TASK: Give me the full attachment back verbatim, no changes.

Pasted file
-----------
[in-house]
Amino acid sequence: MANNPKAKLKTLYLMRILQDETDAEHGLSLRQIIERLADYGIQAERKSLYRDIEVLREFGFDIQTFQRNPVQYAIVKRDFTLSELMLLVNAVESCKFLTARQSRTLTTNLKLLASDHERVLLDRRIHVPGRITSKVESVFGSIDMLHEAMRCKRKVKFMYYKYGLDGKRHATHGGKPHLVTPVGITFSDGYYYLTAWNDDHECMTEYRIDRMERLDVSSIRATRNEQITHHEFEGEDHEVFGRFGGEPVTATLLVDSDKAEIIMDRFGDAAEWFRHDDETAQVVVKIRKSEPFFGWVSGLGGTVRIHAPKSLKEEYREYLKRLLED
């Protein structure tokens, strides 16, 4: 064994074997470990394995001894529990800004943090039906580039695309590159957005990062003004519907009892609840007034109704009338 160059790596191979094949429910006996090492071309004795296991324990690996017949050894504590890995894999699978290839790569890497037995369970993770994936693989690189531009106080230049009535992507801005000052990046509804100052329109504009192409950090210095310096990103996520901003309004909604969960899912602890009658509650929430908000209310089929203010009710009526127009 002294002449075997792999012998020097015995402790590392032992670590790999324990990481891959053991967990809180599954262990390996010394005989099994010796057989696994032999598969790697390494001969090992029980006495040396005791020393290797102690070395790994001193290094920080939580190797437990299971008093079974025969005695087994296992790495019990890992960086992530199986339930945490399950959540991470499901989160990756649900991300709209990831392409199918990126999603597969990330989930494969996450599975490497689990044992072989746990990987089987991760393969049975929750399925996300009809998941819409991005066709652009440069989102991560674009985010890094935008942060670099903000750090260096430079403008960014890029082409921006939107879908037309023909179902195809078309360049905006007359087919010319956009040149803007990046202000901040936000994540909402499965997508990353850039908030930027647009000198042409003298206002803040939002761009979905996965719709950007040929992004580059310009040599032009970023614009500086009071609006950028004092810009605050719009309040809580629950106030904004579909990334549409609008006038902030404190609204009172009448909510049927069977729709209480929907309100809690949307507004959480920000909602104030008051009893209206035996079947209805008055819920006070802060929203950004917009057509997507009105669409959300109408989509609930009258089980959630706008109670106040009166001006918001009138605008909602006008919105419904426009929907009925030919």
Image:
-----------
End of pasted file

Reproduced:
[in-house]
Amino acid sequence: MANNPKAKLKTLYLMRILQDETDAEHGLSLRQIIERLADYGIQAERKSLYRDIEVLREFGFDIQTFQRNPVQYAIVKRDFTLSELMLLVNAVESCKFLTARQSRTLTTNLKLLASDHERVLLDRRIHVPGRITSKVESVFGSIDMLHEAMRCKRKVKFMYYKYGLDGKRHATHGGKPHLVTPVGITFSDGYYYLTAWNDDHECMTEYRIDRMERLDVSSIRATRNEQITHHEFEGEDHEVFGRFGGEPVTATLLVDSDKAEIIMDRFGDAAEWFRHDDETAQVVVKIRKSEPFFGWVSGLGGTVRIHAPKSLKEEYREYLKRLLED
């Protein structure tokens, strides 16, 4: 064994074997470990394995001894529990800004943090039906580039695309590159957005990062003004519907009892609840007034109704009338 160059790596191979094949429910006996090492071309004795296991324990690996017949050894504590890995894999699978290839790569890497037995369970993770994936693989690189531009106080230049009535992507801005000052990046509804100052329109504009192409950090210095310096990103996520901003309004909604969960899912602890009658509650929430908000209310089929203010009710009526127009 002294002449075997792999012998020097015995402790590392032992670590790999324990990481891959053991967990809180599954262990390996010394005989099994010796057989696994032999598969790697390494001969090992029980006495040396005791020393290797102690070395790994001193290094920080939580190797437990299971008093079974025969005695087994296992790495019990890992960086992530199986339930945490399950959540991470499901989160990756649900991300709209990831392409199918990126999603597969990330989930494969996450599975490497689990044992072989746990990987089987991760393969049975929750399925996300009809998941819409991005066709652009440069989102991560674009985010890094935008942060670099903000750090260096430079403008960014890029082409921006939107879908037309023909179902195809078309360049905006007359087919010319956009040149803007990046202000901040936000994540909402499965997508990353850039908030930027647009000198042409003298206002803040939002761009979905996965719709950007040929992004580059310009040599032009970023614009500086009071609006950028004092810009605050719009309040809580629950106030904004579909990334549409609008006038902030404190609204009172009448909510049927069977729709209480929907309100809690949307507004959480920000909602104030008051009893209206035996079947209805008055819920006070802060929203950004917009057509997507009105669409959300109408989509609930009258089980959630706008109670106040009166001006918001009138605008909602006008919105419904426009929907009925030919």
Image: